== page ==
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The current budget debate is shaping up much like the debate in 1999, albeit with exponentially more money involved. Jesse Ventura had just shocked the world with his election as governor, largely a result of pent-up frustration from voters who felt government leaders weren’t listening. Gov. Arne Carlson came into office with a budget crisis in 1991 and “solved” it by raising the sales tax. At the end of his term with a strong economy from the tech boom producing budget surpluses, Carlson stubbornly refused to cut taxes. The 1998 election resulted in Ventura winning the governor’s office and House Republicans claiming the majority for the first time since 1986 (and really since party designation in the early ’70s).
During the 1999 session, House Speaker Steve Sviggum engineered a bipartisan 129-1 vote for his tax plan that permanently cut all three rates (this was before Mark Dayton’s fourth tier), with a larger cut coming to the middle class. Sviggum was walking across the street from his office to the State Capitol for a press conference on the state budget while discussing talking points with a young staffer.
“What about a tax rebate?” Sviggum asked.
“Rebates schmebates,” said the staffer.
“What does that even mean?” asked Sviggum.
“You know, rebate schmebate, forget rebates. We need permanent tax cuts,” answered the staffer.
Minutes later at the press conference, the moment was right for Sviggum to deliver that line. Rebate Schmebate became the headline for newspapers across the state the next day.
Sviggum fought hard in 1999 for the largest permanent tax cut in Minnesota history and eventually convinced Gov. Ventura to support cutting all three rates. The two-against-one dynamic was too much for Senate Majority Leader Roger Moe to resist and the tax cuts became law. Of course, Ventura eventually got his rebate checks as well, with the press branding them “Jesse Checks.”
With the surplus reaching $9.25 billion, the frustration of Minnesotans feels the same as it did in 1999. Failure to permanently cut income tax rates now would be an indication that our leaders are not listening, just as they weren’t in the late 1990s.
Senate Republicans recently proposed a massive income tax cut on the bottom rate, moving it from 5.35 to 2.8. With the surplus at $9.25 billion, they should revisit their plan and propose a cut to each of the four rates.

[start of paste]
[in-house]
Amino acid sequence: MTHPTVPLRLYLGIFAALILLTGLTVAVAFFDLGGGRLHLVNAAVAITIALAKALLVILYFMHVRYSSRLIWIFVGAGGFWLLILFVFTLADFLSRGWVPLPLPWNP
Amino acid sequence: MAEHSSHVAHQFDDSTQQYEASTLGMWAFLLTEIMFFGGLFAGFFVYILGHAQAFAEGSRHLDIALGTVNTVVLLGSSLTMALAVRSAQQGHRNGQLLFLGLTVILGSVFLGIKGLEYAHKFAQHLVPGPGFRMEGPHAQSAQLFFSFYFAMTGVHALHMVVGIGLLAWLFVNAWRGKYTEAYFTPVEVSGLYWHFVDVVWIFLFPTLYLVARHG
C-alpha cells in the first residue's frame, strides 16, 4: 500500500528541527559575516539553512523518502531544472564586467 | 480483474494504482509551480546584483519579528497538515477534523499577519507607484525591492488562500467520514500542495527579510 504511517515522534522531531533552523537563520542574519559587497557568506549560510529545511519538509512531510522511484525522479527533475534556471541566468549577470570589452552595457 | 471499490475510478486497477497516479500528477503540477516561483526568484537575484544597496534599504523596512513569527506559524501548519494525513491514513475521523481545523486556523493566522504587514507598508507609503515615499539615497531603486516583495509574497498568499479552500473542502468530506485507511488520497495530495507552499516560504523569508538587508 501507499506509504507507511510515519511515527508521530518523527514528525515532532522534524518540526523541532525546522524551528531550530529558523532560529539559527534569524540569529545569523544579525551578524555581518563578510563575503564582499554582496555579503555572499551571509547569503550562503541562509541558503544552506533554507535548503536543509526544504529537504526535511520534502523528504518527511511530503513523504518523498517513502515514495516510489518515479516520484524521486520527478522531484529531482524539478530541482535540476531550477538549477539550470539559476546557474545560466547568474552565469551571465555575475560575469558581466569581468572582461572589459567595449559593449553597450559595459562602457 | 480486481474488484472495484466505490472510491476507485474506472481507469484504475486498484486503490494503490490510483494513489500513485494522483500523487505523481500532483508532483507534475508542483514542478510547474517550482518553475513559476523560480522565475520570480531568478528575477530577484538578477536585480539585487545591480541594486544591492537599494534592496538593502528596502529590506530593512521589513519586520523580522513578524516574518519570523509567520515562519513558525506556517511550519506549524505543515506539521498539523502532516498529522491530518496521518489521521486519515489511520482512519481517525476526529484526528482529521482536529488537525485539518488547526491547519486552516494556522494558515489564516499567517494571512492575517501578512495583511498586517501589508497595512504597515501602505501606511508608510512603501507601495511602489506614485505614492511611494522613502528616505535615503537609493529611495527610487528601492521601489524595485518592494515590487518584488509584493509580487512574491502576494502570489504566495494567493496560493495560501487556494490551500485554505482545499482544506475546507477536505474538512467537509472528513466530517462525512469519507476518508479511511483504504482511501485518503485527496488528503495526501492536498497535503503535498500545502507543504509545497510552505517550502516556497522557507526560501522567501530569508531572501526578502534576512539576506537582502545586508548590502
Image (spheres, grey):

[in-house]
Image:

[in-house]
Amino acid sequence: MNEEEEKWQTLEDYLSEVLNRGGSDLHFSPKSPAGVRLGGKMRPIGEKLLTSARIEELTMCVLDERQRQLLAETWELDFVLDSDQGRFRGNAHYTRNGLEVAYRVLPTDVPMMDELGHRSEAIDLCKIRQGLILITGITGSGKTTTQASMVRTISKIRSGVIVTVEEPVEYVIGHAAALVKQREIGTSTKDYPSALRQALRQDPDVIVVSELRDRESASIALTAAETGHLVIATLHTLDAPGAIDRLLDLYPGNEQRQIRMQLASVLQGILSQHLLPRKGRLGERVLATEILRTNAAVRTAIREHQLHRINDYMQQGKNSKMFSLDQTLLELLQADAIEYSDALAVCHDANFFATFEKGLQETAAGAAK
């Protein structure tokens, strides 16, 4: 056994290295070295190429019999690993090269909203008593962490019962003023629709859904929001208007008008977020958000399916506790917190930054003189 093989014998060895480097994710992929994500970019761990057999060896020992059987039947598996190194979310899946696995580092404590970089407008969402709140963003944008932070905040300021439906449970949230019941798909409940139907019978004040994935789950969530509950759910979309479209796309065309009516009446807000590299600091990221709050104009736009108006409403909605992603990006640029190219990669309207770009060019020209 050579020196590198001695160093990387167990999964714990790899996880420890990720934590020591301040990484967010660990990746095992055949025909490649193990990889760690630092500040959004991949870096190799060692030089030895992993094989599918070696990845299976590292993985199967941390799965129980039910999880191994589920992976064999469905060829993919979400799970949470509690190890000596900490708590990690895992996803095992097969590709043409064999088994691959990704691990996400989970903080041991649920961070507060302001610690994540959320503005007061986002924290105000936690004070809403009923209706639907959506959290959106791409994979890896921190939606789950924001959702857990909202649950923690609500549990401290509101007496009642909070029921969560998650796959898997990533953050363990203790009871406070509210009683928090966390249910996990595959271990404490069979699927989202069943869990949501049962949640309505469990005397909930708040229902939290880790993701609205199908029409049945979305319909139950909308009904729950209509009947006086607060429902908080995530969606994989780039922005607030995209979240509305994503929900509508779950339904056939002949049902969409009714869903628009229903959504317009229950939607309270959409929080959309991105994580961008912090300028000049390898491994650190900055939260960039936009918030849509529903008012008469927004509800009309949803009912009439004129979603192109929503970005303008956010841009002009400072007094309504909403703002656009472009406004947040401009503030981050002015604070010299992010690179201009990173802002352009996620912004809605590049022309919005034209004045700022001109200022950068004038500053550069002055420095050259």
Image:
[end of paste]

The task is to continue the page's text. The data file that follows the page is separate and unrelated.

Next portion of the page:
Gov. Walz is playing the role of Arne Carlson by stubbornly refusing to lower rates, instead proposing a rebate of $500 per person and $1000 per couple. This one-time rebate will not address the structural problem of the state collecting way more from taxpayers than needed to fund the budget. Walz also declared that his “One Minnesota” mantra does not include people who are successful, pay taxes, give to charity, start businesses and create jobs. Otherwise known as “the rich.”
“I’m willing to look at their first-tier look, as long as we’re excluding some of the wealthier Minnesotans.”
Remember, the second-tier tax rate kicks in between $28,080 to $41,050 depending on your filing status. Gov. Walz needs to be pressed on his definition of “wealthier Minnesotans” as this debate goes forward.
DFL Speaker of the House Melissa Hortman is furthering the false narrative that the surplus is the result of evil corporate greed and therefore should be redistributed to deserving groups (“deserving” will be decided by House Democrats). As we pointed out here, individual income tax receipts are by far the biggest contributor to the surplus, more than double corporate income tax receipts.
Hortman also raised the idea of a property tax rebate, ignoring the fact that property taxes are collected at the school, county, and city levels. Efforts to use state money to lower local property taxes always backfire as local governments and schools simply raise taxes back to previous levels, resulting in no net gain for taxpayers and more government spending at the local level. Local spending really means more employees and higher salaries for public employee unions such as MAPE, AFSCME, and Education Minnesota, all major donors to House DFLers’ campaign efforts.
Voters in 1998 were tired of huge budget surpluses and politicians preaching caution with their money. They understood that a state surplus was an over-collection and wanted their money back. Leaders today should look to history as they decide what to do with our money. All $9.25 billion of it.
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